Precilla received this email. How – in heaven’s name – did Manuel manage to find the address? Precilla, after all, only runs a little pharmacy in Rolbos – an extremely small enterprise which supplies Oudoom’s blood pressure medication and the pills Servaas needs when his gout acts up. This necessitates prolonged and frustrating communications with the medical aid companies, which is why Precilla had to get connected to the Internet.
Be that as it may, the letter remains proof of how small our world has become. It also serves to remind us how important it is to tell our stories with honesty and kindness.
(To understand these letters, please refer to the previous post.)
I no write good English, sorry. I ask my son to help. He in school and has a smartphone. He reads many stories in WordPress – he say it makes his English better.
sepru seprised when he read about Manuel in story. Manuel story is my story. I tell more, yes?
Nossa! When soldiers catch me, I very much afraid. Beeg trouble. But I good soldier, I tell nothing. Many days they ask me
cue kwes question, I say nothing. No eat. No drink. Much pain. Then orderly come, he take me away. He hide me. Give naif knife. He say I must go back to farm.
Manuel, he walked back to Angola. Many days he walk. I get much tired a lot. I no know how long. Later, I get to my farm.
You see, I only poor farmer. One day, man with
unyphorm uniphorm he come. Say all mans in the distric must go army. I say no, my place need my hands. The man hit me, hit my wife. Then I go. That is how I became soldier. Now, when I get back to farm, I say: no more soldier.
My wife, she’s very good. Bonito, I say. She go soldier. Say I die in bush and she
berry bury me. No mare Manuel, she say. They hit her again. Why? I don’t know.
Many months I hide, help on farm. Then one day the war is finished. No more soldiers. I go home to live with wife.
Why I write this? Beeg
kwes question, no?
I say obrigado.Thank you. For war, for soldier, for man who made me
escai escape. Why? Manuel learn many things in war. He see how war make enemys. Many enemys. Before war, no enemys. During war, many enemys. After war, no enemys. Manuel wonder about this, then decide: enemy only made by war. War made by hombres in Luanda and other places far away. War not made by Manuel’s farm or village. So, Manuel thinks, better to stay on farm. Manuel work hard. Make farm nice. Send son to school. (He write this)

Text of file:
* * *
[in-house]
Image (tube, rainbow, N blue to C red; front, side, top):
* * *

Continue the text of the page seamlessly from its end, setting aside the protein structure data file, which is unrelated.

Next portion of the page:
Now, that orderly, he save my life. My enemy, he make me think we are all same. People all same. Have family, maybe a son, like me. Want to love wife and work hard – no? That hombre make beeg risk to help Manuel, but Manuel no forget. Every night Manuel, he pray for man who give Manuel life. And say thank you, Jesus.
So. Manuel say goodbye.
Precilla read the email with tears in her eyes, How happy Kleinpiet would be when she tells him about the letter! She was about to print it out, when the ping of the computer announced the arrival of more mail.
I’m Manuel’s son, a teacher at our local school. I have sent my father’s letter as he wrote it, simply because I couldn’t have said it better. I think his rough draft conveys his appreciation far better than a formal letter of thanks.
I have to tell you that he often tells us about the way he escaped. It has become a family and a village legend. I also use the story in class when I want to make my pupils aware of the horror of war – and how a single act of kindness can influence not only an individual, but his family and local community as well.
Because the story appeared in Rolbos (I use many of these stories in class as well), I assume the author might know the orderly involved in my father’s escape. I’d appreciate you telling him that my father is well and that he speaks highly of him. Maybe he could use my father’s story to tell people how important it is to know that we are all human. Fighting will never solve problems. Uniforms, my father says, change people. That uniform might be a suit or involve tunics and brass – but once a person wears it, he loses his identity. He stops thinking as an individual and becomes a part of a machine with no conscience. This is true for politicians, soldiers and some businessmen.
My father says we must remain human – and humane. He taught me to live kindly. That’s why I became a teacher. My school isn’t grand, but we have about 500 pupils. Every year about 50 of my pupils finish school and go into the world to apply what I’ve tried to teach them. They might still find mathematics difficult, but they’ll never forget the story of Manuel and the way a single enemy soldier gave him wings to change our lives.
Manuel Cobado (Jnr)
If ever you come to Rolbos, ask Kleinpiet about these letters and what they have meant to him. Also ask him to show you these emails. He won’t have it with him, of course, but he’ll gladly go home to fetch it. He keeps it – neatly folded up – in his Bible, next to the sentence he highlighted in Matthew 5:9.